You'd love to hire some major market talent for voice over work but your budget won't allow it. It looks like you'll have to figure this one out by yourself. Don't worry, you can do this.
If you can read and speak, you can do a voice over. With the right tools, technique and some practice, you can create functional voice overs for any project, stay within budget and deliver them on time. Whether this is your first time or your 25th, it never hurts to go through the fundamentals of creating good voice overs. Here are 10 tips to get you through.
1 - It Starts With the Script
Voice over scripts come in many forms and lengths. It may be as simple as a few lines peppered throughout the project or it could be nine pages of wall-to-wall text. It's possible the client wrote it, either through an employee or a committee. Whenever possible, retain the right to edit the script for clarity. You don't want to change the message, just the delivery. Make sure the script is easy for you or the voice over talent to read, easy to understand and moves easily from section to section. If there are any names, words or technical terms that you're unsure of, check with the client for proper pronunciation. Spell them out phonetically if necessary. There's nothing worse than mispronouncing someone's name during your voice over recording and having to go back and fix it after the project is finished.
2 - The Right Software
The process of recording a good voice over requires a few tools. First on the list is recording and editing software. Adobe Audition, Sony Sound Forge and ProTools are the major players in this area, but there are many other options. Adobe, Sony and Digidesign each make 'lite' versions of their flagship products - all are worth investigating. Apple has Logic Studio, Soundtrack Pro and WavePad. You can even do some basic recording and editing in GarageBand. Reaper, Audacity and Nero's Wave Editor are all worthy contenders, too. Find one that fits your budget and is easy to use. You'll spend a lot of quality time with your software.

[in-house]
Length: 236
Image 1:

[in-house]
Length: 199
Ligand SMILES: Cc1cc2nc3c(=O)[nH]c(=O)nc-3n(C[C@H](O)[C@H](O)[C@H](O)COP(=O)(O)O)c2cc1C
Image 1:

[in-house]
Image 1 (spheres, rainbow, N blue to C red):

3 - The Setup
Once that's established, you need your best microphone. In a perfect world, that would be a large diaphragm studio condenser mic, but any good, clean microphone will do. You also need a way to plug the mic into your computer - with either adapter cables or an audio interface - and a microphone stand. A good pair of headphones is critical for monitoring your recording. With the headphones on, you'll hear every detail and make better performance decisions. Don't forget the recording environment. Our article guerilla sound booth is a great way to go for a voice over studio, but any quiet area with minimal sound reflections works in a pinch.
4 - Creature Comforts
You may be working on the voice over for a while, so make sure you've created a comfortable work environment. This starts with good lighting and ventilation. Pour yourself a nice cup of tea and sip slowly. No sugar and cream laden coffee here. Cough drops will help open up the sinuses and clear the throat, just spit them out before recording. Keep a bottle of room temperature water handy and grab a drink between takes. You'll get a better performance standing but a bar stool might make things a little more comfortable for longer runs.
5 - Performance
It's time to step up to the mic, as they say. Don't worry about anything for now, just grab the script, hit the record button and track a few lines. Play the recording back over the headphones and listen to the performance. If you've never done this before, the recording will sound pretty strange. Do you really sound like that? Yes, you do. Be critical of your performance. Listen closely for slurred words, phrases and accents. Pay attention to timing and the flow of the voice over recording. Based on your critique, re-record the piece - several times if necessary - and listen through it again. Make notes to yourself about certain words or phrases that give you trouble.